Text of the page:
You already know you can save a little cash by adjusting your thermostat during short vacations. But what if you’re taking an extended trip or have a vacation property that is vacant most of the time? The same basic rules apply, but there are some extra considerations if you expect your home to be empty for weeks or months.
Protect Your Property
Some homeowners make the mistake of thinking that longer absences mean you can set the thermostat a little higher in the summer and a little lower in the winter, but the opposite is actually true. When a home is too hot during humid summer months, the heat and moisture can warp wood, peel wallpaper and wreak other havoc around your home. The longer this is allowed to continue, the more damage can occur. In winter, condensation can be a damage factor in homes that are too cold -- not to mention frozen plumbing pipes.
So no matter how long you’ll be away, the setting that’s best for home maintenance is 85 degrees in the summer and 50 degrees in the winter. You might be tempted by a few dollars more in energy savings, but it’s simply not worth the risk of doing expensive damage throughout your entire home.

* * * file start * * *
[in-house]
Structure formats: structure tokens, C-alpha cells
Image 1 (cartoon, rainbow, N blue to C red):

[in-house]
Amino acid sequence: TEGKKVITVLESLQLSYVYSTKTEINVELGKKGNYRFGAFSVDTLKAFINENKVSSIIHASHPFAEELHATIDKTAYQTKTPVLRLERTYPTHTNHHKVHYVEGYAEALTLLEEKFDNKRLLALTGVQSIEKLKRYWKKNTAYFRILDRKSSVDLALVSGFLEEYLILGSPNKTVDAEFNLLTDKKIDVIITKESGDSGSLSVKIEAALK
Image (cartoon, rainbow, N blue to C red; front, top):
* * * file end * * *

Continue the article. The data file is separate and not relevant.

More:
If you really want to maximize your energy savings in an unoccupied home, this could be the perfect reason to upgrade to a smart thermostat. Smart thermostats can be controlled by smartphones or tablets from virtually anywhere in the world, so it’s just like sticking your thermostat in your pocket and taking it with you. You can check the weather reports in the area of your unoccupied home, and if it’s an unseasonably dry summer day, you could set the thermostat a few degrees higher because you’re less worried about damage from humidity.
This kind of portable, real-time control can be beneficial to anyone with a smartphone, but it especially makes sense for properties that go unoccupied for weeks at a time.
On Your Way Out
Thermostat management is the most important element in your climate control strategy for a vacant home. But depending on the season, there are a few additional things you can do to keep your home safe and save a few extra bucks.
During the summer, sunlight is one of the primary factors keeping your home warmer than it needs to be. So make a point of tightly closing all blinds and curtains before you leave. If you have storm windows, consider installing those before a long absence -- they’ll block out even more light and protect your windows from severe weather damage.
In winter, the biggest concern is frozen plumbing pipes. An effective safeguard is to drain your plumbing system before any extended absence by shutting off the water main and draining all the remaining water through your faucets and fixtures. It’s also a good idea to open cabinet doors under your sinks so that heated indoor air has greater access to your pipes.
Prepare With the Pros
If you’re in any doubt about how to properly prepare the climate control in your home before a long absence, get in touch with your local HVAC professionals.